Dr. Farha Shariff is a Professor at the University of Alberta, intersectional feminist, lead instructor at CycleBar and founding coach and Champs Boxing Studio. She is also an unapologetic and thoughtful advocate for those of all cultures and backgrounds and uses her own experience to push the boundaries to help obliterate racism and bullying. She joins The Inner Circle to talk about her upbringing as the daughter of immigrants and how it shaped her values of education and hard work, her dedication to fitness and health, and how she processed her own pain from childhood to find a voice that helps others along their path.
What You’ll Hear in This Episode:
- You can still eat crunchy peanut butter and have abs like Farha. It is possible!
- How disciplined Farha is on her fitness regimen, and why a clean diet and lifestyle is important to all aspects of her health.
- Farha is the daughter of immigrants that taught her the value of education and working hard, and shaped Farha’s later passion for feminism and using her voice to help others.
- Farha’s own experience with being bullied and ostracized based on her race, appearance, and culture, and how Farha processed the pain to speak up for herself and heal years later.
- How Farha teaches her three daughters to be kind and inclusive, and her commitment to being open on issues that come up from their own schooling and social media.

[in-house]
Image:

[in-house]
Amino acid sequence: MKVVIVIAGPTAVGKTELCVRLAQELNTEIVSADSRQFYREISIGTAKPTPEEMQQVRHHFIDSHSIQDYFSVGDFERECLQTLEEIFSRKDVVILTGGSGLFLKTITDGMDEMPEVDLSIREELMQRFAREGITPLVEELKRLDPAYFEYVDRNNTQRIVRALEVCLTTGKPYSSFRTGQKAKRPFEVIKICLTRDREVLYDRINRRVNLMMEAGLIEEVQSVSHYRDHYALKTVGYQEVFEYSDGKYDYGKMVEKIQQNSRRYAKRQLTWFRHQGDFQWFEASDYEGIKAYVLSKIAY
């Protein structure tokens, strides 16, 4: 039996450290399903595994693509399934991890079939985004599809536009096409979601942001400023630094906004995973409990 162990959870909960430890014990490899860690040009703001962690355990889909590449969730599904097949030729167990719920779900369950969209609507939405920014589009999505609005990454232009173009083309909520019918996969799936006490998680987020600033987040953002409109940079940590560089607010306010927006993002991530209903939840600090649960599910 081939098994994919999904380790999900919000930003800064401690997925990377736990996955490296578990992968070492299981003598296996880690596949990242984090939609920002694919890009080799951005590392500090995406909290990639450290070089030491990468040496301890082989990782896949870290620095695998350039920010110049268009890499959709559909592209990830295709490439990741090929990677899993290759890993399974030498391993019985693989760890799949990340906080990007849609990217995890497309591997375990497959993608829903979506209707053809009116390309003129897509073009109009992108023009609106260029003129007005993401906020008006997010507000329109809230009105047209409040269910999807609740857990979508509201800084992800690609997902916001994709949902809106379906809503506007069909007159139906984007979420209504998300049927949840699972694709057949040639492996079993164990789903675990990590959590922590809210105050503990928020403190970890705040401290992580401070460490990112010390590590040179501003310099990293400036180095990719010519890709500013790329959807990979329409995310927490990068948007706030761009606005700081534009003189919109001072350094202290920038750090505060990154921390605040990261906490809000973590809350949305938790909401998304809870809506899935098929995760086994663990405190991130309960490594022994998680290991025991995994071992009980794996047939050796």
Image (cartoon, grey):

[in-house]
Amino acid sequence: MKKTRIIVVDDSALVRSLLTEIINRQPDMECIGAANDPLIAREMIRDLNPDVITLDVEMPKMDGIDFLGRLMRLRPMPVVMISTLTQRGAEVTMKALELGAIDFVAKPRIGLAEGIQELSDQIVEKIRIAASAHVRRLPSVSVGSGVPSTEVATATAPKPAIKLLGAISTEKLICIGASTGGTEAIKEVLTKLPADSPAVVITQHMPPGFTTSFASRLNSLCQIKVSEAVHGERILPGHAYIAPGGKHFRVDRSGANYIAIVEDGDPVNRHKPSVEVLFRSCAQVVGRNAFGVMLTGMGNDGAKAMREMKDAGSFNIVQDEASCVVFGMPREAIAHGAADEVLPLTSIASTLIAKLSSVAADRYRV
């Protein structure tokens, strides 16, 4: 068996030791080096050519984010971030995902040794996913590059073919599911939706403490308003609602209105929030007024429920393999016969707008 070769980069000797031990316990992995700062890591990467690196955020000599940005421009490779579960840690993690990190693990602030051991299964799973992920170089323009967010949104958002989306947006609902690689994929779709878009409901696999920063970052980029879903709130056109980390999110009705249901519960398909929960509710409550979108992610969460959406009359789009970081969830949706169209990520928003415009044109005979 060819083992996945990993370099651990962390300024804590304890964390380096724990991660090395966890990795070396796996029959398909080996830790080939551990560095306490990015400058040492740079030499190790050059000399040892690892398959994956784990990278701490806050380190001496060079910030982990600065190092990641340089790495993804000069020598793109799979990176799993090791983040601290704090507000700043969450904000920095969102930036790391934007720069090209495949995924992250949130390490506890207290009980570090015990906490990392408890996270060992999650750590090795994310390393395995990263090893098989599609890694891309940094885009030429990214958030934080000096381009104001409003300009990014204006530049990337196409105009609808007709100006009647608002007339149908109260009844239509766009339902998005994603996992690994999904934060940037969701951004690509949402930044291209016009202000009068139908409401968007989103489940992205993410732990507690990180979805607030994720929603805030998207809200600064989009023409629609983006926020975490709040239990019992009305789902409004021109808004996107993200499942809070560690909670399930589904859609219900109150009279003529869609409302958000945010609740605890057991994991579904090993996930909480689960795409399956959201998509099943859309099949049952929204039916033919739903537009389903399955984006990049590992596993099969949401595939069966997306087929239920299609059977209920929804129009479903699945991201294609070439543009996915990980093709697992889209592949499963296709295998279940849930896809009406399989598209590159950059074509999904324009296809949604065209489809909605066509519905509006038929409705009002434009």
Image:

- Farha’s amazing story of working at her own junior high, and even working side by side with the very teachers she grew up with as a child.
- How memory work helped Farha process the heavy emotions she felt from childhood and recall enough data to capture in a book.
- The powerful work Farha is doing as an instructor at the University of Alberta, and the thought-provoking conversations she and her students are having to challenge individual world views and understand more about racism.
- How Farha uses fitness as a catharsis and tool to keep her mental health in check. Hear about her love for being a part of both the CycleBar and Champs Boxing Studio.
- Women need to learn from each other, hold each other up, and realize we don’t need to put pressure on ourselves to do or have it all.
- “You have to teach your kids how to be kind.”
- “There is power in story beyond measure.”
- “My life is a series of ironic connections.”
- “The woman that has it all — that’s old school now.”
University of Alberta
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